Steam Greenlight

Steam Greenlight


There’s been talk of Steam Greenlight coming to an end for some time now, but so far nothing happened. Now, it seems that the replacement, Steam Direct, is coming very soon (in Spring 2017). Valve itself says that Steam Greenlight brought attention to several issues that need to be addressed. A post from Valve on the Steam Community blog said this:

“After the launch of Steam Greenlight, we realised that it was a useful stepping stone for moving to a more direct distribution system, but it still left us short of that goal. Along the way, it helped us lower the barrier to publishing for many developers while delivering many great new games to Steam. There are now over 100 Greenlight titles that have made at least $1 Million each, and many of those would likely not have been published in the old, heavily curated Steam store,”


Valve also commented that “Greenlight also exposed two key problems we still needed to address: improving the entire pipeline for bringing new content to Steam and finding more ways to connect customers with the types of content they wanted.” Their post also went into detail on what to expect from Steam Direct. The main point here is a stricter vetting process, including application fees and documentation. This documentation is not too far removed from what you would need to get yourself a bank account.

“The next step in these improvements is to establish a new direct sign-up system for developers to put their games on Steam. This new path, which we’re calling “Steam Direct,” is targeted for Spring 2017 and will replace Steam Greenlight. We will ask new developers to complete a set of digital paperwork, personal or company verification, and tax documents similar to the process of applying for a bank account. Once set up, developers will pay a recoupable application fee for each new title they wish to distribute, which is intended to decrease the noise in the submission pipeline,”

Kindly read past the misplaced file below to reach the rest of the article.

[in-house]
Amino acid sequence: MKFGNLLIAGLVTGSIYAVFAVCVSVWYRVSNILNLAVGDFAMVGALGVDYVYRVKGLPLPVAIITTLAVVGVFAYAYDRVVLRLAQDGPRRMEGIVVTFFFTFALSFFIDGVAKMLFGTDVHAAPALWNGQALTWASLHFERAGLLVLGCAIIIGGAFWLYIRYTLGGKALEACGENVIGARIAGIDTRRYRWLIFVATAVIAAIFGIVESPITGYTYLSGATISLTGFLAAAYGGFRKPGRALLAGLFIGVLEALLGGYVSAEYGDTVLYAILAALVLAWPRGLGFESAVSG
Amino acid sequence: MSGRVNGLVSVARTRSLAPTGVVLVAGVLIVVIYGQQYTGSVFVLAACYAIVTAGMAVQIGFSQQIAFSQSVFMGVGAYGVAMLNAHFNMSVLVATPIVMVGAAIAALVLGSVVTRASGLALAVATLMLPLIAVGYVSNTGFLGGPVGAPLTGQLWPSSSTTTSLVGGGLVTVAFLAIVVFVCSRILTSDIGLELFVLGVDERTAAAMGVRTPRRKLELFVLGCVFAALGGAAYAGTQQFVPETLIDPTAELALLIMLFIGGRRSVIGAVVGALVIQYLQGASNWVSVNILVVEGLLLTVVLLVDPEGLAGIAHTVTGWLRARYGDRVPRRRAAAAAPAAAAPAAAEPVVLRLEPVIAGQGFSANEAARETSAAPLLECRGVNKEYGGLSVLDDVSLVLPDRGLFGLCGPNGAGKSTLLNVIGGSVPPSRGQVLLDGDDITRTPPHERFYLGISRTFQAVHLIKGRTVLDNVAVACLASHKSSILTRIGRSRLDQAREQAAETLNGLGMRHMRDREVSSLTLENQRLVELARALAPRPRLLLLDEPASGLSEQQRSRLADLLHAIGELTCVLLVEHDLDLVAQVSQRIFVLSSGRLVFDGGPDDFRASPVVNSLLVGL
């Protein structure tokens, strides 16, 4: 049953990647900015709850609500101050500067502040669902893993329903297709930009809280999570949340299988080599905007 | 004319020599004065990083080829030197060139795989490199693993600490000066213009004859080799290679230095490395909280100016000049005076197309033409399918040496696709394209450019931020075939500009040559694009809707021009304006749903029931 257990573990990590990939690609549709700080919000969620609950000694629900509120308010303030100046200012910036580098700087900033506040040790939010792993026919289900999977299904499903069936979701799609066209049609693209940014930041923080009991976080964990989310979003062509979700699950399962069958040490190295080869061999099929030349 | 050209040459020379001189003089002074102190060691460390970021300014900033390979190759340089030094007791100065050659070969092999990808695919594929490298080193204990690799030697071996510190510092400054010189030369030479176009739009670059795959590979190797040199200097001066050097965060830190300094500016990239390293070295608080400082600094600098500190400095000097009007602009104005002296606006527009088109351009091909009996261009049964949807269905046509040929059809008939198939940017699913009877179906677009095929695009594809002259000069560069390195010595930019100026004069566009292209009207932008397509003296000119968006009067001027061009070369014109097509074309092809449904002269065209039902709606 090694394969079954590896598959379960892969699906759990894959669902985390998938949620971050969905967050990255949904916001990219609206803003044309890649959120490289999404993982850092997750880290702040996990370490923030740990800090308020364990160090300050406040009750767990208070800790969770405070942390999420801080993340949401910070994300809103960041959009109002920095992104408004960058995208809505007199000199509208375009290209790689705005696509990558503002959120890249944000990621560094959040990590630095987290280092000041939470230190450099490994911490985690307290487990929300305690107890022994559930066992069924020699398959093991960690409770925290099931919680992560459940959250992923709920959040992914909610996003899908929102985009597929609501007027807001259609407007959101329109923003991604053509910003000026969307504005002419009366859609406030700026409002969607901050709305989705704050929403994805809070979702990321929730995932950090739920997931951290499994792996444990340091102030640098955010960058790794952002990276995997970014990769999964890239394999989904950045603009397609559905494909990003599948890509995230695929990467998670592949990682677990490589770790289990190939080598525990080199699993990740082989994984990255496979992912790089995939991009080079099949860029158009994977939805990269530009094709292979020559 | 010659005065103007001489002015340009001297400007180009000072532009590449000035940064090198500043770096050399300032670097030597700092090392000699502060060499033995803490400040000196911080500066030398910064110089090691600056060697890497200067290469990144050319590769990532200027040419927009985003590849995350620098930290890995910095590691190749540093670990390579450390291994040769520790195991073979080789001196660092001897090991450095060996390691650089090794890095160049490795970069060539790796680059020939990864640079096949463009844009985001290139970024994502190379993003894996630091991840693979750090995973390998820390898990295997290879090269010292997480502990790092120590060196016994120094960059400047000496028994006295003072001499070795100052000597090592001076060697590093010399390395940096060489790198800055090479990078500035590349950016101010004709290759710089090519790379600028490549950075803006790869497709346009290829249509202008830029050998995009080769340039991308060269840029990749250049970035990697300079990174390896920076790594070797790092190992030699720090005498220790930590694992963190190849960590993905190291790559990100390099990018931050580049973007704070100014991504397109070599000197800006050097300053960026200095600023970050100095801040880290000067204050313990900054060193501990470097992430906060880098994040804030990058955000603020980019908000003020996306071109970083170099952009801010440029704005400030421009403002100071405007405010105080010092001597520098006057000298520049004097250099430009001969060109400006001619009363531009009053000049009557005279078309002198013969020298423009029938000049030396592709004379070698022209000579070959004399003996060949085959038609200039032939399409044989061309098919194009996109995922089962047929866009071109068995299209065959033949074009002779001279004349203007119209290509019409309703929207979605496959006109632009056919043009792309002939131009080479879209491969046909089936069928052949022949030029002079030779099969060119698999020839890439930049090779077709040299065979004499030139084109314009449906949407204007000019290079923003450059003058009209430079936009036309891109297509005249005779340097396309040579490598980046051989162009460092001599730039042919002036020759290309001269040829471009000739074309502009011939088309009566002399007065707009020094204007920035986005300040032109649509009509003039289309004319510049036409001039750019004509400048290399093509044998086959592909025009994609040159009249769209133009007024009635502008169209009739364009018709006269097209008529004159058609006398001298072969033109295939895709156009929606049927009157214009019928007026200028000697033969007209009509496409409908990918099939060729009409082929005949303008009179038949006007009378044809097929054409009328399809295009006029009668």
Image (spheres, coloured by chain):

Valve is still considering the publisher fee for Steam Direct. They’ve been asking various developers and studios about what the price should be. Some have responded with figures as high as $5,000. That’s not really reasonable for new indie developers, though. Others have responded with values as low as $100. For now, Valve is continuing to collect feedback on this issue.

So why is this happening? The answer has a lot to do with how some developers abused Steam Greenlight and put low-quality software on Steam. Some even sued people who criticized their games! That’s a little ridiculous to say the least. Hopefully Steam Direct will be able to lessen this issue. Of course, at the same time, that publisher fee needs to be reasonable or you’ll shut out some honest people.




Michael Fontanini
Michael is a veteran gamer in his late 30s, who grew up around video games, with fond memories of the oldies like the NES, SNES, and N64 among others. He loves Nintendo, but also plays a lot of games on his PC. Michael also enjoys going for walks/bike rides, loves animals, and enjoys thunderstorms (and science in general). I love Nintendo but I also play a lot of game's on PC, many of which are on steam. My favorite Nintendo game's include Zelda, Metroid, and Smash Bros to name a few. On PC I love the Half-Life games, as well as most all of the Source Engine games just to name a few.